The organization has kept its most important star mostly cloaked in secrecy throughout the past few years during his rehab phases. What has exacerbated the issues is that Rose has shown the same reluctance and indifference toward recruiting free agents while teammate Joakim Noah has emerged as a salesman, doing his best to persuade Carmelo Anthony to come to Chicago. Instead of receiving a pass from most fans because of the attitude, Rose is being questioned yet again.
Times have changed for Rose and the league. It's one thing to maintain that stance when you're producing at an MVP level, but it's another to keep that feeling when you've played only 49 games in the past three seasons.
To win back the fans' trust, Rose must play and perform at a high level. But it goes deeper than that for Rose and the Bulls.
As it pertains to the recruiting, players want to be wanted. They want to hear what stars in the NBA have to say about their team. Rose hasn't played much in three years, but players still respect his game and what he has already accomplished. He's still a star, and they want to hear from him.
Whether it's a member of his inner-circle or a member of the Bulls organization, somebody has to get through to him that he is best served by playing the PR game, even if it's uncomfortable for him. The more Rose shows publicly that he is willing to be part of these pitches, the more he will start to win back some fans.
Rose can't do anything about the fact that he was injured. It happens to almost all athletes at some point in their career, and Rose has had more bad luck than most. His contract doesn't require him to recruit players, he's just required to perform on the floor. Since he hasn't been able to do that for much of the past three seasons, Rose has to take it upon himself to find other ways to help.
Rose is the same person he was before -- shy, introverted, cautious -- he's just not the same player. Nobody knows if Rose will look like his old self when he hits the floor again this season, and nobody knows if his body will be able to hold him if and when he does. The only way to win back that trust is to play again -- and play at a high level for an extended amount of time. He doesn't want to recruit, but he still badly wants to win. It's up to those closest to Rose to make sure he understands this as he heads into the season.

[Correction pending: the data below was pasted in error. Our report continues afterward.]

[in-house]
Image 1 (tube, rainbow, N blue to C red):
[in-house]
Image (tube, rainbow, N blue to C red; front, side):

It's also important to understand that Rose still wants to be the player who delivers a championship to his city.
"It makes me feel a little bit better that they really believe in me and have trust in me about decisions that they make," Rose said on that July day in 2010, in regards to the faith the Bulls organization had placed upon him. "It just means a lot, man. A little guy coming from the South Side of Chicago got his own team. It shows that just hard work and dedication really pays off."
Rose never wanted to leave Chicago. But now a portion of Chicago seems to want to turn its back on him. It's crazy how quickly things can change.
It's up to Rose to make the decisions to turn things in a positive direction once again.
I know what you're asking: Doolittle, who will you be watching during the Las Vegas Summer League?
In general, the answer is that I'll be watching the same guys as everyone else. But there are some situations I'm more anxious to check out than others. So here's a guide to what's happening on the court during the next couple of weeks. That is, if the big free agents make up their minds and allow us to veer our attention away from Twitter and the newswire.
First look: The Rookies
Dante Exum, Utah Jazz: Perhaps no player in Vegas will garner as much interest as Exum, the Australian mystery kid who skipped college ball and spent the past year preparing for the draft. We've seen sparse video of Exum, and what exists is hard to judge, given the caliber of competition. He sparkled in international events, but that was against fellow kids. Now Exum will be exposed to a few bona fide NBA players for the first time, and we'll get a feel for how he compares athletically. Fellow Jazz guard Trey Burke is also on the summer league roster for Utah, so we should get our first taste of them working in tandem.
A number of rival teams increasingly believe that New York Knicks star Carmelo Anthony plans to hold off on announcing any decision about his future until LeBron James reveals where he'll be playing next season, according to sources close to the process.
Sources told ESPN.com that Anthony, whose decision was widely expected before a resolution to James' situation when free agency began, has kept the Knicks, Los Angeles Lakers and other suitors waiting at least in part to see where James goes and whether there would be any option to join his close friend.